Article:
## proc freq weight

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Occasional Contributor
Posts: 17

# proc freq weight

Excuse my ignorance I’m new to SAS. Anyone have a suggestion on how to analyze
the following. The data consists of two data sets one being a control the other
representing implementation. A program was implemented to potentially increase attendance
in local schools. So each data set represents a list of schools and the attendance rate for each school. I took a
categorical approach to the data and used proc freq including the weight
command in order to generate a chi-sqre. I have a feeling my approach is incorrect

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Solution
‎09-25-2015 06:23 AM
Super User
Posts: 13,583

## Re: proc freq weight

In a pedantic scholarly mode I would say that the analysis plan, the types of tests to be conducted with the data should have been decided upon before the data was collected.

The main thing to consider is what are you looking to compare? If it is a rate, then t-test for the mean rate between groups could be likely.

Chi-square would tell you if the distribution of responses was similar. Which works much better with categories than the almost certain different rate for each school.

I would recommend structuring your data into a single data set with a variable to indicate source, control or test, and start with tests of normality to see if t-test or other approach is needed, likely if the sample number of schools is small.

Basic way to combine the data:

data combined;

set

ControlData (in=incontrol)

TestData

;

if incontrol then source='Control';

else source='Test';

run;

The Source variable could then be used as a grouping or class variable in many procedures.

I hope that the weight variable is the basic number of enrolled children in the school.

If the schools represent different populations, such as elementary, middle / junior high, high school it might be helpful to include that as a category as you may different results between the grades.

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Solution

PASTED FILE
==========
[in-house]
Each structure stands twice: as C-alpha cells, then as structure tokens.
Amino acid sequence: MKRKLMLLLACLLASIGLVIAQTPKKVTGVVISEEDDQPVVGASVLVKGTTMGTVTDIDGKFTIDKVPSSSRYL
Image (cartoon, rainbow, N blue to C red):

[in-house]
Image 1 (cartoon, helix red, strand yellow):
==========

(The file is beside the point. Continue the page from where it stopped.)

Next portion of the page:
‎09-25-2015 06:23 AM
Super User
Posts: 13,583

## Re: proc freq weight

In a pedantic scholarly mode I would say that the analysis plan, the types of tests to be conducted with the data should have been decided upon before the data was collected.

The main thing to consider is what are you looking to compare? If it is a rate, then t-test for the mean rate between groups could be likely.

Chi-square would tell you if the distribution of responses was similar. Which works much better with categories than the almost certain different rate for each school.

I would recommend structuring your data into a single data set with a variable to indicate source, control or test, and start with tests of normality to see if t-test or other approach is needed, likely if the sample number of schools is small.

Basic way to combine the data:

data combined;

set

ControlData (in=incontrol)

TestData

;

if incontrol then source='Control';

else source='Test';

run;

The Source variable could then be used as a grouping or class variable in many procedures.

I hope that the weight variable is the basic number of enrolled children in the school.

If the schools represent different populations, such as elementary, middle / junior high, high school it might be helpful to include that as a category as you may different results between the grades.

Occasional Contributor
Posts: 17

## Re: proc freq weight

Thank you ballardw for your response. The analysis plan was decided prior to collection but I am an intern and am detached from that process. I found myself questioning the proposed approach and will just leave it at that. Thank you again for your help!

Super User
Posts: 13,583

## Re: proc freq weight

It is not uncommon that something in the results from the original plan raises questions. Sometimes they are additional interesting results, sometimes they are flaws in the data collection. So don't be afraid to experiment, but start with the plan.

Other ways to slice the data for comparisons could be by some category of school size (total enrollment), urban/suburban/rural locations, if you can get a good poverty index (School Free and Reduced Lunch participation rates may be available), ethic make-up.

Of course slicing the data more ways simultaneously requires more sample so may not be practical.

Occasional Contributor
Posts: 17

## Re: proc freq weight

Thank you again ballardw!

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